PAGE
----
Begin by reflecting on your mindset toward networking. Successful networking is more than just making contacts and collecting business cards (although you should always bring them). It’s all about building relationships. There isn’t a one-size-fits-all approach. Think about your strengths, and how they can help you to build relationships. Then leverage those strengths to build your own unique networking style. Understanding that you have something of value to offer and go to events with that in mind, as well as what resources you need related to your career or vision going forward. Oftentimes, there is only a short window to make an impact, therefore perfect your pitch and make what you do as clear and as easy to understand as possible to capture someone’s interest.
Next, do your homework. Read any available materials on the event. Become familiar with any hot industry topics that may be on the event agenda. If possible, secure an attendee list in advance and identify any persons with whom you may want to connect. Finally, have a realistic expectation of outcomes of the event. You can’t measure success unless you know the objectives.
When attending a networking event, is it better to bring a colleague or go alone?
Avoid the temptation to socialize with colleagues. Bringing along a colleague can serve as a crutch and keep you in your comfort zone. If you choose to bring a colleague along, agree to walk to the event together, but reconnect with them at the end. There are some exceptions, however. They may be coming along to introduce you to their connections or you are introducing them to yours or you may need to take a divide and conquer approach for business reasons. In any case, use the time to build new relationships.
What are a few of your favorite ice breaker questions?
When considering icebreaker questions, keep it in perspective. There is no such thing as the perfect opening comment. People will remember how personable you were and your level of interest more than the exact words you say. One rule of thumb however, is to make a comment or ask an open-ended or positive question simple questions to engage and encourage the person in a dialogue such as:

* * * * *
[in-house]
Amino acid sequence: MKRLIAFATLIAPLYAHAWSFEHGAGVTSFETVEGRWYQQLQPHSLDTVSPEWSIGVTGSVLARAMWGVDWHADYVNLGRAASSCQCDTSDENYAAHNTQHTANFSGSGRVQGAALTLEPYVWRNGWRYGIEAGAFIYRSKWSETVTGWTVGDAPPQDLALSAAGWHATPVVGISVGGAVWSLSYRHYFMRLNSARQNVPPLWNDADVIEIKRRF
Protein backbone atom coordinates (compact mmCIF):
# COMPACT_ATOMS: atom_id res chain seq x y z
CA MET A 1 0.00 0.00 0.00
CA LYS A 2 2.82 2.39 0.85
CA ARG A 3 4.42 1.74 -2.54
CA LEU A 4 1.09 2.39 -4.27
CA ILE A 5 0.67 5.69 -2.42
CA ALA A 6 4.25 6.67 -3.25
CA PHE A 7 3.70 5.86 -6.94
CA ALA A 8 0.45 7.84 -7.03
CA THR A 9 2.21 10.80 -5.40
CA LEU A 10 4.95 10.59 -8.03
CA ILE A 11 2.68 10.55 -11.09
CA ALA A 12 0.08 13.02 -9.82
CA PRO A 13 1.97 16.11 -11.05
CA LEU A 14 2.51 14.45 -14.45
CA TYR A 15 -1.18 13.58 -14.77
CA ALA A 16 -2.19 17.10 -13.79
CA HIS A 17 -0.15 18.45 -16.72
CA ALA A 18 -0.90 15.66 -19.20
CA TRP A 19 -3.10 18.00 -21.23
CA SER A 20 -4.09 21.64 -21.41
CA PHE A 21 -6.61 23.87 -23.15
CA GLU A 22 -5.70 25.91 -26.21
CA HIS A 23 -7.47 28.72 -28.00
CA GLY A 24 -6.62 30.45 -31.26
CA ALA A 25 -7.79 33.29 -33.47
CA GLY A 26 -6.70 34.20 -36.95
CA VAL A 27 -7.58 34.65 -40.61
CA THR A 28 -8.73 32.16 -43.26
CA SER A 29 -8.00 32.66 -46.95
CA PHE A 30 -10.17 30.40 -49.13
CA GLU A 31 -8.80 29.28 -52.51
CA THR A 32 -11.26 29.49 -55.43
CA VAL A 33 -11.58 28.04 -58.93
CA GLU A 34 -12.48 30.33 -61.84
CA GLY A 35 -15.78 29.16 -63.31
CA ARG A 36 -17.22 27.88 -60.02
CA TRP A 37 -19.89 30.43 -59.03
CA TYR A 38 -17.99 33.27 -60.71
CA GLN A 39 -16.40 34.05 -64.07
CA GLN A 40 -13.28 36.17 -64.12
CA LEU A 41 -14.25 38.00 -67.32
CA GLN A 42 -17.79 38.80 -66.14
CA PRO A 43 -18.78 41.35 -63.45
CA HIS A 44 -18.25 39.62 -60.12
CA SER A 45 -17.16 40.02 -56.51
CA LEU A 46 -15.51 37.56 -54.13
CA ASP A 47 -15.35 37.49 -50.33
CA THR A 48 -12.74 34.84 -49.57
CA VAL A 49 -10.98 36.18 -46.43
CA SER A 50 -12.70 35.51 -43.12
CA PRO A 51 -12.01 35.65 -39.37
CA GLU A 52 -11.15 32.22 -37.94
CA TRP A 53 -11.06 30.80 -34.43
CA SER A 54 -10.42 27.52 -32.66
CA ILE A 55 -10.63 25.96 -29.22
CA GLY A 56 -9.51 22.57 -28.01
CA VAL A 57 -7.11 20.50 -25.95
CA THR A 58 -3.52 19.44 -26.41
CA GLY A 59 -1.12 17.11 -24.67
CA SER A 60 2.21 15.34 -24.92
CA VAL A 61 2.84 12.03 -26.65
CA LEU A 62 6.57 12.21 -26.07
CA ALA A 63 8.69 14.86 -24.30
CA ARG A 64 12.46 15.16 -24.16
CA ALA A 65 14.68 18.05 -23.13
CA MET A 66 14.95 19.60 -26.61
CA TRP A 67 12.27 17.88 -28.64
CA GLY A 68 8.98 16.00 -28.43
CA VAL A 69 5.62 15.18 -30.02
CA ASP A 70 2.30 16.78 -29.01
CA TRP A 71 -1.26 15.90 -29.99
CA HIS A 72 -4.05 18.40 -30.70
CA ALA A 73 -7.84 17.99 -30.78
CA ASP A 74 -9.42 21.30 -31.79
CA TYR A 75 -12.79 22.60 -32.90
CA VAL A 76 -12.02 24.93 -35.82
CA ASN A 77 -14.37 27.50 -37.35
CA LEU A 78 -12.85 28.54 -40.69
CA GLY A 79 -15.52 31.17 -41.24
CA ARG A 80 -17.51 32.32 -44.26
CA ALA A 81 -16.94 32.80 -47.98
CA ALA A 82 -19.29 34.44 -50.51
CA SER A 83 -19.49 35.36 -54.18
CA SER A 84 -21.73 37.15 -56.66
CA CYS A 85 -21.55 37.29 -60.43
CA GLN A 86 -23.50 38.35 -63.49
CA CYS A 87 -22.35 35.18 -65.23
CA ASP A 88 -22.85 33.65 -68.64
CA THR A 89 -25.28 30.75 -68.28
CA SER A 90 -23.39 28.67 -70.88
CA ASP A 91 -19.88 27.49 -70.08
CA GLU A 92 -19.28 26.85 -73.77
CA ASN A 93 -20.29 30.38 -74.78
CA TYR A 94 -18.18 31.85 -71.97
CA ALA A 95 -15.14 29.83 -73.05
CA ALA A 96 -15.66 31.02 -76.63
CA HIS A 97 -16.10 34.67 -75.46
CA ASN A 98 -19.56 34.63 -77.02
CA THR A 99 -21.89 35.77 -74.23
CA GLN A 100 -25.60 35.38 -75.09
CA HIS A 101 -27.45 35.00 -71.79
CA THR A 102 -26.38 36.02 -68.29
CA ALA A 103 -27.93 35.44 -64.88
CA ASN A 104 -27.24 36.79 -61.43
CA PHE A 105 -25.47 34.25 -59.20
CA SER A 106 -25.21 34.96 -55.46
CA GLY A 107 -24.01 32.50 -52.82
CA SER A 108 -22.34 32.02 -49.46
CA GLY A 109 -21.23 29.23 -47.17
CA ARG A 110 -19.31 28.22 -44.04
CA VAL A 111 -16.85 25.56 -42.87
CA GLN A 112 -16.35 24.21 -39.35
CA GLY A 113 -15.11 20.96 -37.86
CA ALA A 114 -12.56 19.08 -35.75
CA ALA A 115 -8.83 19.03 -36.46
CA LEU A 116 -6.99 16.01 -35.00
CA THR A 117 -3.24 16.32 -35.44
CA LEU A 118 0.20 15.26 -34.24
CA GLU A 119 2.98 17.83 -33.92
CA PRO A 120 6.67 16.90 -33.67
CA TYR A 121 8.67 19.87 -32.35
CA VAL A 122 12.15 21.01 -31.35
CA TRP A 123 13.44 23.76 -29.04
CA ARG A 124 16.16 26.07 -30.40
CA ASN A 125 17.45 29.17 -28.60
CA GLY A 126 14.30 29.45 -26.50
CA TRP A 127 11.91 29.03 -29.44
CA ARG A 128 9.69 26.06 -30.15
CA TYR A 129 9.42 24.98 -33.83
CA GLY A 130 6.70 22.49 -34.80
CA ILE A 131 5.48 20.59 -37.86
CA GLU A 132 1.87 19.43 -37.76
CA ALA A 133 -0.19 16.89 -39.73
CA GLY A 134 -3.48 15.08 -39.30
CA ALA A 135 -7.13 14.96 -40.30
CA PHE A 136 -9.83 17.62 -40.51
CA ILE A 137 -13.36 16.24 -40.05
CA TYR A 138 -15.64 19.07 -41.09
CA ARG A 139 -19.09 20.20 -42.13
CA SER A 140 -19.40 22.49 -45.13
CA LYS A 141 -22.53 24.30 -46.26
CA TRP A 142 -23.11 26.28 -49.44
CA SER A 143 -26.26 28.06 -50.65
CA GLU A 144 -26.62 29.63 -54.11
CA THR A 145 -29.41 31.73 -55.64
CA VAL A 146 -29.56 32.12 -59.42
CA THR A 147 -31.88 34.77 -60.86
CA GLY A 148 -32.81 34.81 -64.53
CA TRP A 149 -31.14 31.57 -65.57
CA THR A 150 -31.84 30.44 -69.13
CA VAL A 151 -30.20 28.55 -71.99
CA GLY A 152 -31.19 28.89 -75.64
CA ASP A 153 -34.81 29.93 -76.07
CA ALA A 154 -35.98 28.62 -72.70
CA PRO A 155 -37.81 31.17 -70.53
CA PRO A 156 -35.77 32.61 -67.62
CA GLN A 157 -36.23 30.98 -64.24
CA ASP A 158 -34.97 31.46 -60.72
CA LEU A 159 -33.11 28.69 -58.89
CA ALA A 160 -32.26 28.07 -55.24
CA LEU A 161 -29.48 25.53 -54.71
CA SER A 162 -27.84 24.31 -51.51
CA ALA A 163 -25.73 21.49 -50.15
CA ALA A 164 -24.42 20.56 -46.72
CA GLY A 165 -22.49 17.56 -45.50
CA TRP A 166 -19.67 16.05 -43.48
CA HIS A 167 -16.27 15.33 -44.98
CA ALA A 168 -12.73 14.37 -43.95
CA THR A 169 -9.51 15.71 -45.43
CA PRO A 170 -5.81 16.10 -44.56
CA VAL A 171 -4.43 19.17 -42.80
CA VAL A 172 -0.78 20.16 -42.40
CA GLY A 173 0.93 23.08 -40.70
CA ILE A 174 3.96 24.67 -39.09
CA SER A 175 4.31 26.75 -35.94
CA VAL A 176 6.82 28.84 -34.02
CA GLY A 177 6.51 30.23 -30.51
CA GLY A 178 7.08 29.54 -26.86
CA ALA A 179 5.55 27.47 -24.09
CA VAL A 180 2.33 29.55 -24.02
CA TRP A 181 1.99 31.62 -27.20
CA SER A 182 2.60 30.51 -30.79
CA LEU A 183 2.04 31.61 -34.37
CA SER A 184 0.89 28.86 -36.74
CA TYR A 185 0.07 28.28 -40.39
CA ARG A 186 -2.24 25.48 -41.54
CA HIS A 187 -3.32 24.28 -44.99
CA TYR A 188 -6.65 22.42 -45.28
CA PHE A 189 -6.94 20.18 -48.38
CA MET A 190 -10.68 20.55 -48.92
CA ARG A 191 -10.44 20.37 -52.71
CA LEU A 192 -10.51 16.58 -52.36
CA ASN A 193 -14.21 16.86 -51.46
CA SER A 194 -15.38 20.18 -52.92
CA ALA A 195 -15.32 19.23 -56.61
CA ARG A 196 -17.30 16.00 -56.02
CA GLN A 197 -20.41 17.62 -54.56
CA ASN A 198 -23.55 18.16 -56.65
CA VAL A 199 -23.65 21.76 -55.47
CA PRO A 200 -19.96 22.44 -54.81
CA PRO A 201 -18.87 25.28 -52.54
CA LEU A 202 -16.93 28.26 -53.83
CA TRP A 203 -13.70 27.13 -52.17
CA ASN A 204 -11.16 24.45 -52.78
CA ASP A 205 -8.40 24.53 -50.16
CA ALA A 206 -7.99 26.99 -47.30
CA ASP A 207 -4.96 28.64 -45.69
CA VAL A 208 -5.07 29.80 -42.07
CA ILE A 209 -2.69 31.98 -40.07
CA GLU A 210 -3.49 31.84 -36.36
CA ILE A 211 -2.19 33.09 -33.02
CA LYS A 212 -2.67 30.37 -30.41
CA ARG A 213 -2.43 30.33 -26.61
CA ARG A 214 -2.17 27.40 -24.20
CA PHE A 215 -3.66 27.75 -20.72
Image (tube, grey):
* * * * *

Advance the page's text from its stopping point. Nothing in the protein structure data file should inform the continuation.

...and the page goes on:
“Have you been here before?”
“How are you enjoying the…”
“Do you know any of the speakers/panelists?”
“How long have you been in the ….field/business/industry”
“tell me about how you got into this career, or business area?
If networking is a real challenge, you can always ask about the person’s organisaton or their role. Remember, small talk feels fake and superficial conversation can be painful. Try to get to substance.
Which method do you recommend: working the room and meeting as many people as you can or focusing on memorable interactions?
In determining the best methods for networking at an event, I would say “it depends.” The more prescriptive you are in orchestrating plans, the more stressful it can feel. I do however recommend that take the stance of being curious. I heard of a professor who told his students to “stop trying to be interesting, rather, be interested.” The same principle applies to networking. Inquire about what Is important to others. Genuinely connect with people. We have two ears and one mouth. Listen to what they are really telling you about themselves and take the time to get to know them better. This takes time and focus. Maintain stamina, or new energy when moving from one group or person to another.